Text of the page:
So, The Rings of Saturn is about a walk, yes, but that walk is an opportunity for a meditation on death and destruction—both the result of human agency, and the result of natural forces. It’s many other things as well. If I were to read this book again (and no doubt I will), I would perhaps find other things happening in it. I might, for instance, track every single mention of silk, silkworms, or mulberry trees. I might follow up on the discussions of Borges and Sir Thomas Brown and Edward FitzGerald and Algernon Swinburne. There is so much happening in this strange text, so many layers and levels through which it can be approached. And that can only be a good thing, from my perspective.

This is also the last book on walking that I’ll be writing about, at least for a while. I need to move on to other topics, other areas of my reading list. That’s unfortunate, in a way, because I discover new books about walking almost every day. But it’s time to learn about other things.

Works Cited

Sebald, W.G. Austerlitz, translated by Anthea Bell, Vintage, 2002.

——. The Emigrants, translated by Michael Hulse, New Directions, 1997.

——. The Rings of Saturn, translated by Michael Hulse, New Directions, 1999.

Smith, Phil. On Walking . . . and Stalking Sebald: A Guide to Going Beyond Wandering Around Looking At Stuff, Triarchy, 2014.

76. Linda Cracknell, Doubling Back: Ten Paths Trodden in Memory

cracknell

As I’ve mentioned here before, I hadn’t heard of Linda Cracknell before reading Deirdre Heddon’s and Cathy Turner’s essay, “Walking Women: Shifting the Tales and Scales of Mobility.” The first of Cracknell’s books that arrived in my mailbox was her little book, Following Our Fathers: Two Journeys Among Mountains; the two stories (essays? what genre have I been reading?) in that book are included in Doubling Back: Ten Paths Trodden in Memory, and so I won’t be writing about them again here. After I read Following Our Fathers, I wondered if Cracknell’s work might serve as a model for what I intend to do. Now, after reading Doubling Back, I’m sure that it could. 

Phil Smith includes Cracknell, along with Simon Armitage and Robert Macfarlane, in a list of writers about walking whose work is too traditional and too interpretive; when interpretation happens in an account of a walk, he argues, “the mobility solidifies into a commodity that is reassuringly unique and recognisable” (54). I think Smith prefers writing that captures the performative nature of a walk in some way (not an easy thing to accomplish) rather than writing that is clearly literary in intention. (He also prefers walking that is relational, or influenced by relational aesthetics, and many of Cracknell’s walks, though not all, are solitary affairs.) Myself, I’d be happy to be included in any list beside Simon Armitage and Robert Macfarlane; I’m coming to realize that my ambitions are literary rather than performative. That’s not a bad thing; there are many different ways to walk, and many different ways to respond to walking.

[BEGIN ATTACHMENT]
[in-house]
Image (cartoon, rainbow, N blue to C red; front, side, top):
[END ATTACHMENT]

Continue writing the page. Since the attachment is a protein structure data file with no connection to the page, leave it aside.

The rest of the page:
Cracknell’s text begins at a writers’ retreat in Switzerland, and it returns there periodically as a way of introducing the walks she is writing about. At that retreat, she walks every morning with a notebook: “There may be chatter or observations I need to note down, a new story idea, or solutions to my writing problems. It’s as if I think better on the move, think more creatively, or as Jean-Jacques Rousseau would have it, ‘my mind only works with my legs’” (12). That quote is apparently from somewhere in the Confessions, a book I should probably be reading as part of this project. Cracknell remembers that she was a walker in childhood: 

I suspect I was a strange child, internalised, tearful, quiet. But I remember that there was always a lot going on in my imagination. . . . I learnt about my need to discover, to make sense of local geography by propelling myself through it. I trod routes into familiarity, let my imagination work on the things left behind by others, and got the dirt of the place under my fingernails. I found self reliance and independence there. (14)

Walking is still part of her life: “I’ve remained both a daily walker and an ‘expedition’ walker. My life has been shaped by it to some extent. An enjoyment of walking in remote and mountainous terrain explains in part my move to Scotland in 1990 from where I started to write five years later” (15).